i had to really dissect each vowel to understand their inate formations and their impact on the singing voice. for example, "ah" as a new yorker like i might say it, pulls in the chest voice musculature right off the bat and locks you up because as you ascend the voice with "ah" you haven't got a "pulling up" vowel inside of it's formation. you need a head voice pulling up vowel inside that "ah" to allow you to ascend and release.

so by listening to italians you hear the 'ah" isn't flat, "like "that" or "cat" it's more rounded and has the "oh" vowel in it's makeup. so, when you shade the "ah" to more of an "aw" as in "hawk" you really make progress because you've given the voice the narrower shape it needs to move up the voice.

i love studying this stuff, because you get these little nuances of information and you begin to understand how it all fits together.

you also start to realize why opera singers sing so beautifully. when frisell has you sing "oo" "ee" 'eh" "oh" and "ah" the way the italians sing those vowels (mouth, jaw barely moves, if at all) you really start to understand how tonally similar they can be, and yet they're not.

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What Bob says here is all very true with a small sidenote I need to make.

There are two type of singers. OO singers and EH singers. People who have an OO voice [i think the majority these days] really need to go heavy into those more rounded vowels to balance their voice. They can get away w the more open vowels, but up high w more chest it's gonna mess up their voice in the long run cse their voice doesn't wanna go there.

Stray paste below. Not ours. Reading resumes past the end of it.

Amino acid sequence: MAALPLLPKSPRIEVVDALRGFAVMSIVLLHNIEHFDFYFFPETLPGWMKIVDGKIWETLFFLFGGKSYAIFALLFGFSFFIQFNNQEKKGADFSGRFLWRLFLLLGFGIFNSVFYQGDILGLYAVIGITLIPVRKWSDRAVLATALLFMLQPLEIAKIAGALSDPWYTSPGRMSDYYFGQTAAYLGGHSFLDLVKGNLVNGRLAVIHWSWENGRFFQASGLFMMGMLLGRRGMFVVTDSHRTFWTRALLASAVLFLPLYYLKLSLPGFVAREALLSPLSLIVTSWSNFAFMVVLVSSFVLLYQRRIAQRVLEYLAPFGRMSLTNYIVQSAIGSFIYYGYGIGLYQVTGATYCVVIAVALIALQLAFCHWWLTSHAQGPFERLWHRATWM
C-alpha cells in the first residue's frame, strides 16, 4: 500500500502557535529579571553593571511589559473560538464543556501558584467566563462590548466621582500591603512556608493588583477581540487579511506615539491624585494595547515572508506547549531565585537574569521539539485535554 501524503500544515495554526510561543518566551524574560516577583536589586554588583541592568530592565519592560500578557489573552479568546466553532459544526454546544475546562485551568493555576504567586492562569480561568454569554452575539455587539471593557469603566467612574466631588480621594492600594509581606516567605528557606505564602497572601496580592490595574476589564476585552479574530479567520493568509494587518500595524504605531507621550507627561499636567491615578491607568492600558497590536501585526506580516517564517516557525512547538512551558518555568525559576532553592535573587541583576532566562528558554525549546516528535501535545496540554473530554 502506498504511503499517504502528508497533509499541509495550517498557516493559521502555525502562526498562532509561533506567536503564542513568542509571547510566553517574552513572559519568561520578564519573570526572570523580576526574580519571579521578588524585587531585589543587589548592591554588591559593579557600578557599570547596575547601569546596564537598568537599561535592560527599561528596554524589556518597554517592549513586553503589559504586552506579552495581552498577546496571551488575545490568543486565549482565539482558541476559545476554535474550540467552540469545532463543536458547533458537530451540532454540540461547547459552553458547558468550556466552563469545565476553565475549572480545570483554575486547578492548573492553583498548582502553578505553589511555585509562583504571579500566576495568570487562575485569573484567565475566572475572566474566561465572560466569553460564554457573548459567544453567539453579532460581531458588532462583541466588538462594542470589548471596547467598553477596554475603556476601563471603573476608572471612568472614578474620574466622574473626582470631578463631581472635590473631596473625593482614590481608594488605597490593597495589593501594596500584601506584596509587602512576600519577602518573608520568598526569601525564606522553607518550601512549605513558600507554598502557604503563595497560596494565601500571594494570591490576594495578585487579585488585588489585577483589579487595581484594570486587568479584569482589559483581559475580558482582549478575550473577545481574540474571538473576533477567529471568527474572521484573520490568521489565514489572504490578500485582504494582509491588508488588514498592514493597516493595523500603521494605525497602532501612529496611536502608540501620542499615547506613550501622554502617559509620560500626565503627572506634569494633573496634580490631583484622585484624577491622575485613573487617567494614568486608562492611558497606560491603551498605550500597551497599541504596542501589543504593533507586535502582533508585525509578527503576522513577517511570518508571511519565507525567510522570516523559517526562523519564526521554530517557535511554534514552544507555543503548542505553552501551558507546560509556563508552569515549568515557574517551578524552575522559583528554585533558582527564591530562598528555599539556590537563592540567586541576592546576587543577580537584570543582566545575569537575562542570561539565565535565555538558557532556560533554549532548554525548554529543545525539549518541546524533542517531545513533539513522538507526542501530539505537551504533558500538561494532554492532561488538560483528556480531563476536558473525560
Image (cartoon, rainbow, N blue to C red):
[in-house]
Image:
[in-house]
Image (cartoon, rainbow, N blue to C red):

However, EH singers naturally can get away with more spread vowels and will sound more pharengeal EVEN with that OO function under it. Listen to alot of black singers for examples. Shaka Kahn for instance. Or take people from this forum like Martin [musical theatre singer]. For the life of me I can't get as much EH with that much chest high without imbalancing, he gets away w it cse it's a different physiology.

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yes, this is so true. thanks for adding elra and welcome back!!

but the only way you get to these realizations is to really grow to understand your own voice. i hear singers that also have a lot of "uh" in their tones, but the exact sound i mean by "uh" i can't think of an american word to get it across...lol!!!!!!!!

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Hey Dirk, I was going to pull the old doctor routine. "Doc, it hurts when I do this (whatever "this" is.)" The doctor replies, "Well, quit doing that."

You say that you pull too much chest on the aw sound on long and other similar words. Well, quit using that sound. As Bob says, it's a matter of vowel use. The closer you get to italian vowels, like those in the IPA chart, the more your problems go away. I tend to go flat on the uh sound, as in buzz, fuzz, etc. I'm better off shading to the oh sound for that part of a word. Or, avoid dropping the tongue too much on the uh sound.

If I remember correctly, the italian vowels do not have an uh sound. It is a problematic american english dipthong or partial vowel sound. In fact, I would say, you are better going to AH for words like long, strong, etc.